The saturation of LinkedIn Pulse is complete.
Media brands and celebrities (“influencers”) have so dominated the platform that what was once an incredibly valuable and even groundbreaking platform for amateurs – strong but unknown writers – to gain wide recognition for their work is now a ghost town, inhabited nearly exclusively by large brands.
Gone are the days when ordinary people could publish quality content and get it picked up and widely distributed (i.e., read) beyond the network of one’s own connections.
This isn’t exactly new news – a broad network of amateur bloggers I know have been complaining about this shift toward corporate dominance for awhile now.
And things may only get worse as the full ramifications of Microsoft’s recent purchase of LinkedIn continue to be revealed.
But what struck and surprised me this morning was the complete and utter totality of it.
A Case Study
It’s July 6, 2016 and the sun has just risen, revealing a calm blue Virginia sky outside my window.
I opt to check in on Pulse’s trending articles for my industry: Public Relations and Communications.
And lo and behold – literally every trending article is from a major publishing brand.
Here’s the list of the 16 top trending articles, in order:
“Internships Are Not a Privilege” – The New York Times
“An Intelligent Way to Sell More of Anything” – Inc. Magazine
“Being a Good Boss in Dark Times” – Harvard Business Review
“6 tech gadgets that will improve your daily life” – Mashable
“America’s Top Colleges 2016” – Forbes
“PBS Admits Using Old Fireworks Footage in Fourth of July Broadcast” – The New York Times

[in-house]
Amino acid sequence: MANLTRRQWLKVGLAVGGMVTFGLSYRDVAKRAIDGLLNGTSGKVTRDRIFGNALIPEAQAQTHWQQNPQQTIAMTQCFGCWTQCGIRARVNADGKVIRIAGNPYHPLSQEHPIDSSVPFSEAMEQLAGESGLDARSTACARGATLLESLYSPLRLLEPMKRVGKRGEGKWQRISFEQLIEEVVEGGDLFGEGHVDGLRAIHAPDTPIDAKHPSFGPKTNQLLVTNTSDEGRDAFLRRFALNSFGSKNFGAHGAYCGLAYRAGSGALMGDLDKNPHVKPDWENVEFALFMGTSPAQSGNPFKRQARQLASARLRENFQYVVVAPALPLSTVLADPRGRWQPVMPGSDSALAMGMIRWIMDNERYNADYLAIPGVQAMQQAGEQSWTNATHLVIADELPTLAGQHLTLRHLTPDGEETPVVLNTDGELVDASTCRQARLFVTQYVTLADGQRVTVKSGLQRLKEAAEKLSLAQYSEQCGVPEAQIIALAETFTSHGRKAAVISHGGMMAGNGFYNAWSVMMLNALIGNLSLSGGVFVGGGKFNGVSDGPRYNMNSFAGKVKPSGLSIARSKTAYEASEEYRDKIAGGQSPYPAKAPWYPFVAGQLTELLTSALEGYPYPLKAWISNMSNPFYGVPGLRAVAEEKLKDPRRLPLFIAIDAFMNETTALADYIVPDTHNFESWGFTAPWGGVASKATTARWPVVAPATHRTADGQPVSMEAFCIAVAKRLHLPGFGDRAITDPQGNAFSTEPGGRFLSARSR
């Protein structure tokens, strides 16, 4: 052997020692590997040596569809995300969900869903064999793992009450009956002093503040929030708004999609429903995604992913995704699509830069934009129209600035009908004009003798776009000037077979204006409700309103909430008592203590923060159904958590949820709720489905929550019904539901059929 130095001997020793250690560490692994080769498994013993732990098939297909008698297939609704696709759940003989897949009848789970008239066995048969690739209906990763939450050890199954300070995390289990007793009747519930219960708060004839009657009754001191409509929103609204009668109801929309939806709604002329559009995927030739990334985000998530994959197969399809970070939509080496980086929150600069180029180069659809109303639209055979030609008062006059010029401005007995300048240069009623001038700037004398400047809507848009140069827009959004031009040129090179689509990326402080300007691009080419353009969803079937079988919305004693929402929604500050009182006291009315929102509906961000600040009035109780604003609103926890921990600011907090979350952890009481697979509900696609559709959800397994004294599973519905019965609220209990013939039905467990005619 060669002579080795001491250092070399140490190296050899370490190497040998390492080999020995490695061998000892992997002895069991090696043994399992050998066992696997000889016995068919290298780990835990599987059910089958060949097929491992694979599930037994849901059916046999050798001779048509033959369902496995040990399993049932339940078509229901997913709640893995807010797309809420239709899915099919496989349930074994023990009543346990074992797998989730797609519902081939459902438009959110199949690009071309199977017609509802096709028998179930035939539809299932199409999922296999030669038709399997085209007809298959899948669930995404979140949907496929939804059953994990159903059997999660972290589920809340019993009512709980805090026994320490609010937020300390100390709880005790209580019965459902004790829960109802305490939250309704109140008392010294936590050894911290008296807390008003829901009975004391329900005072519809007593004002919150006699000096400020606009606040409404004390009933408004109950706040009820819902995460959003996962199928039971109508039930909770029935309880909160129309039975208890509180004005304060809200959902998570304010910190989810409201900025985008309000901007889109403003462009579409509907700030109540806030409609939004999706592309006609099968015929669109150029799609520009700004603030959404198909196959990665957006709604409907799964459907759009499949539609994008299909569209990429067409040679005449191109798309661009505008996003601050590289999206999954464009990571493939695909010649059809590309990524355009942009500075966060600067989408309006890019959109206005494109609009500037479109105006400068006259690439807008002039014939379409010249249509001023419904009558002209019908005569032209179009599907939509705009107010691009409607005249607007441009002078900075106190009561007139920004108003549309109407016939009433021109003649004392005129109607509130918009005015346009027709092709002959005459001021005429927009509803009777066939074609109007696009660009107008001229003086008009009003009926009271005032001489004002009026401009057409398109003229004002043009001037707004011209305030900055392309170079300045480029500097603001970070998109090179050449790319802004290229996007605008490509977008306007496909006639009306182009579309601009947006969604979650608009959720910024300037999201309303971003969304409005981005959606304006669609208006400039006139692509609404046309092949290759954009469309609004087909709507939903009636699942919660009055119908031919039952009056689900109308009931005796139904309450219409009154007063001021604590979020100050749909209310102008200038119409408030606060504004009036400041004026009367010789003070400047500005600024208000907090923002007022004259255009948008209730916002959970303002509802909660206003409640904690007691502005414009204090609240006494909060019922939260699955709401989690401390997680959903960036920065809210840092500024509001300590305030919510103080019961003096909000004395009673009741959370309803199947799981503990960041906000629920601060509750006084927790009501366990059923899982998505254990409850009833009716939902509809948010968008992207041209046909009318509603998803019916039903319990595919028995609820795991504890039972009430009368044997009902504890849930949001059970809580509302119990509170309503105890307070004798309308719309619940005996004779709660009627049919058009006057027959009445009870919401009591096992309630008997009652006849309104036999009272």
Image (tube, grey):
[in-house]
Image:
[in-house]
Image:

“Meet the 31-year-old who mentors the CEO of a $44 billion company” – Business Insider
“This Personality Trait Can Lessen Your Stress and Anxiety” – Inc. Magazine
“3 Reasons Why Talent Management Isn’t Working Anymore” – Harvard Business Review
“Setting the Record Straight: Using an Outside Offer to Get a Raise” – Harvard Business Review
At least four of these articles belong more probably in the “Careers” section than PR and Communications, as they discuss HR rather than PR issues.
At least three of these articles are worth reading regardless, as they discuss potentially game-changing business trends. These are:
- “Internships Are Not a Privilege”
- “PBS Admits Using Old Fireworks Footage in Fourth of July Broadcast” and
- “Meet the 31-year-old who mentors the CEO of a $44 billion company.”
I’m heartened to discover two of these are from the stalwart New York Times, the gold standard in traditional journalism.
And, to be fair, the use of stock footage by PBS for its July 4th fireworks broadcast is arguably the most important story in public relations this week, as it touches on the pressure to deliver against sky-high (hah!) expectations and ethics in PR and journalism.
But when 100 percent of the trending articles are from established media giants and a non-trivial percentage don’t even belong in the category in which they’ve been tagged, what chance do amateurs have to have their voices heard?
I don’t have the answer.
There are other platforms (Medium and BeBee among them) but even there it’s just a matter of time before the major brands once again squeeze out the little guy in the omnipresent battle for attention, for eyeballs, and for clicks.
For now, I urge aspiring writers to simply keep at it – practice, publish and persevere.
Because eventually true talent does shine and the cream rises to the top.
What are your thoughts? Feel free to comment below.